Sing the Map and Transposing

Hey everyone! I’ve been using IFR book and the jam tracks for a while now and had a lot of success with them. Lately I’ve decided to finally dig in deep with singing the numbers and being able to sing and improvise with just my voice, so the connection is even deeper when playing my saxes. But I have a question about transposing. I play alto and tenor sax, Eb and Bb. Let’s say I learn and get really comfortable with F major, or G dorian when exploring the seven worlds, and I learned both of those on tenor sax. How would I then apply that to the alto sax? Like for G dorian, the 2 3 4 5 6 7 1 2, do I have to learn that again but using the scale it would be on alto (D dorian), and then sing those numbers? That seems like it could get confusing. I’m just wondering the best way to balance things out. Or is the purpose of singing the numbers just to get familiar with the sounds and feel them, and less about mapping them to the instrument?

I look forward to learning and contributing here! Thanks so much for putting this method together, it really is fantastic and effective.

(Edit: I meant to say D Dorian, not C Dorian. Whoops!)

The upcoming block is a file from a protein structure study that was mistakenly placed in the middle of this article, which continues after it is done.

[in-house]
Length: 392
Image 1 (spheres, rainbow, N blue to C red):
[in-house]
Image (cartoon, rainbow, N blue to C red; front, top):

For me, the numbers are not notes (F#, C), the numbers are how the sounds feel when I hear them in a context, against a tonal centre, and interacting with each other.

Try to get away from simply equating numbers with notes, and experience “how does 2 sit with 4 in the 1st world”.

Your knowledge of chords, scales and all that theory will always be with you. IFR will give you different tools, and an enjoyable way to learn to use them.

To your specific question, with IFR transposing comes with method. The 2nd harmonic environment/world (Dorian) is the 2nd world, with 2 as the tonal centre, regardless of key. Imagine you didn’t know any note names, picked up your instrument, play any note at random and thought “ok, this is 2 and I’m in the 2nd world, where can I go now?” and see what happens.

BTW welcome to the site, and to the IFR community.